- Cinematography/Design: While Mocking Jay Part 2 boasts some impressive sets and costumes, the camera work for the majority of the action scenes is incredibly poor. The shaky camera makes it difficult to figure out exactly what is happening, which is a shame given the spectacular design of the set pieces themselves. Editing and sound design are decent, but nothing to get to excited over. Overall the bleakness of war that Mocking Jay Part 2 tries to convey works, but removes any of the visual wonders that made the series so unique.
- Story: By far the weakest of the entire Hunger Games series. Acting as a wrap up for all of the narrative threads from Part 1, the film feels more like a third act than a complete movie. When watched back to back you can see a far more competent structure, but standing alone Mocking Jay Part 2 is weighed down by the need to quickly wrap up the main story. Emotional scenes do not hit their mark and the big surprises at the end are far more awkward and rushed. The biggest sin is how the film glosses over a major death, as if it’s under the assumption everyone has read the book and knows what is suppose to happen.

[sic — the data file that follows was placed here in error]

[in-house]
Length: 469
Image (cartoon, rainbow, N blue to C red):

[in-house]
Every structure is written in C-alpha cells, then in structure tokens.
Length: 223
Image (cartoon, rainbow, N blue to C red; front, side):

- Characters/Acting: Jennifer Lawrence gives another fantastic performance as Katniss, while Donald Sutherland’s Snow is highly enjoyable to watch on screen. Both stars have great chemistry on screen, but it’s Josh Hutcherson who steals the show has Peeta. Giving his character much need nuance throughout the story, Hutcherson shows off his acting chops throughout the entire film. Sadly though the majority of side characters we have learned to love are either shoved off to the side or given uninteresting scenes. Main characters such as Gale show promise, but the film’s love triangle story take up too much of the actor’s screen time.
- Katniss/Snow Chemistry
- Peeta's Transformation
- Action Set Pieces
- Drawn out ending
- Sidelined Most Side Characters
- Shaky Camera Too Prevalent
- Missed Emotional Scenes
A recent graduate of Arcadia University, Collin MacGregor is a freelance video editor and writer. He covers video games, television, and film for The Nerd Stash. Collin currently is the head film/television reviewer for the site.